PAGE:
Overall, the Hawke Frontier strikes the perfect balance between price and performance. It is rugged, durable, pleasing to hold and use, has solid glass, and is also quite affordable.

Hawke Frontier APO 8x42

7. Swarovski NL Pure 12×42

Last and definitely not least, we got the NL Pure. This is probably the best binocular money can buy at the moment. The general consensus is that this binocular is just outstanding. Here’s why.

Let’s look at the exterior first. The barrels are shaped that way for a reason. The hourglass helps reduce weight and allows them to fit snugly in your hands. Their shape is intentional. The NL Pure has a nice balance to it and they allow for one-hand operation.

The open barrels allow you to lock in and minimize shake. The focus wheel, albeit a bit on the larger side, turns smoothly and with precision. The five-position eyecups also produce satisfying and crisp clicks. On the aft of the focus wheel is the diopter and it is just as precise.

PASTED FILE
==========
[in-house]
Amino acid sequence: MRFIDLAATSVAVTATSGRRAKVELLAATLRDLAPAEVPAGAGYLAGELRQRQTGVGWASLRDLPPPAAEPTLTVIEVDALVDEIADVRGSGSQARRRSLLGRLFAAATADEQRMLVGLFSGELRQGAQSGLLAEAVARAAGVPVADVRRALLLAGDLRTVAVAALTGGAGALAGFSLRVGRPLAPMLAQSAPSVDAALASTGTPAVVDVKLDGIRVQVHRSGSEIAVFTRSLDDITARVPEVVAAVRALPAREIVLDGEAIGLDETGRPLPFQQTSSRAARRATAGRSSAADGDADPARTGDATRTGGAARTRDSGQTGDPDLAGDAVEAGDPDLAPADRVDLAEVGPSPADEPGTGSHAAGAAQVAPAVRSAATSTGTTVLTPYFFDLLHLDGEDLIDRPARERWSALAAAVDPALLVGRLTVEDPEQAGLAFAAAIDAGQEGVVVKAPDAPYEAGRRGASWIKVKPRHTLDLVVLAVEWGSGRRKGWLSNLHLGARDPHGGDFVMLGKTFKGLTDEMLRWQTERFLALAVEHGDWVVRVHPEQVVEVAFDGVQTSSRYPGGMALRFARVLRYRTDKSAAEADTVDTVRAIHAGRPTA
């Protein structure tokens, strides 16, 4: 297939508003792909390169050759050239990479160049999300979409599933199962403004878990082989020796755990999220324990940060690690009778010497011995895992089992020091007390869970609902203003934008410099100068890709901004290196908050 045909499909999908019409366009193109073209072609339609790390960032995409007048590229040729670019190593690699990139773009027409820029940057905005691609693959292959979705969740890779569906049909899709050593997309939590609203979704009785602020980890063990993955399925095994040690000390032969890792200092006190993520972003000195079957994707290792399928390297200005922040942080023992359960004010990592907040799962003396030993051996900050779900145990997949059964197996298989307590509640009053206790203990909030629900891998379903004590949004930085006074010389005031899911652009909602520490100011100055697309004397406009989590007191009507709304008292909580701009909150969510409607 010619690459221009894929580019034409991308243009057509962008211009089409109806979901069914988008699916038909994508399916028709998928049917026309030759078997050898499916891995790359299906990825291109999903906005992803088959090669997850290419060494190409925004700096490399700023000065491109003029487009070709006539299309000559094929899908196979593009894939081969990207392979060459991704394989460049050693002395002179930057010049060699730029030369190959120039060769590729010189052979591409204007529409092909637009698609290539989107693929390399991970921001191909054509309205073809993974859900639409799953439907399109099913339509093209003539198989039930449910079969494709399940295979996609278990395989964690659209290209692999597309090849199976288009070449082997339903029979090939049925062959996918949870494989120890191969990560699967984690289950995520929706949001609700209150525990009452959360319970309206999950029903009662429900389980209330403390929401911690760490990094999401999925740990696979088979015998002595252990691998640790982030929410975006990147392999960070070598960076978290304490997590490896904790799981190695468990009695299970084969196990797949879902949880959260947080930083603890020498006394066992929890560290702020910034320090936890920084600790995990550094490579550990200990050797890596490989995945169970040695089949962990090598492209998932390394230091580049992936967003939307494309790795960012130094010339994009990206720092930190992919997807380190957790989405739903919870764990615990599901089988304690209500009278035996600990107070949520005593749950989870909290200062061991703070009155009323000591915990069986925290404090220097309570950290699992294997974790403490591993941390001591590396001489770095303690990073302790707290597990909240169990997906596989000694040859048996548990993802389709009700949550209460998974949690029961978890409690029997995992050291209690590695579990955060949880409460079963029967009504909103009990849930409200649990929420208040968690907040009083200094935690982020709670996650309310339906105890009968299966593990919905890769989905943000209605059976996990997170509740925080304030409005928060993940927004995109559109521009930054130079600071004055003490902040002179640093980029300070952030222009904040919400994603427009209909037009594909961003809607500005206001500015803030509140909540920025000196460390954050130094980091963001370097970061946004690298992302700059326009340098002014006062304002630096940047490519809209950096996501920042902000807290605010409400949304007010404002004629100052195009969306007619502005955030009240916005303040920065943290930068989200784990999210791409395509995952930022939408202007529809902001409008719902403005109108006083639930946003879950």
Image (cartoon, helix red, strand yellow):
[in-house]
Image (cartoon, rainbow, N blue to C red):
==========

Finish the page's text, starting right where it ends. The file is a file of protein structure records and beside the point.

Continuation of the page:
Swarovski cleverly designed the NL Pure to allow for a generous field of view and it also provides ample light in various conditions. The image is amazing thanks to their field-flattening lenses. The colors are nice and crisp and there is no distortion.

As you might expect, the downside is the price tag. It is not your average binocular. However, given its build quality and performance, it is definitely worth it if you accept nothing short of perfection.

Swarovski NL Pure 12x42

Leave a comment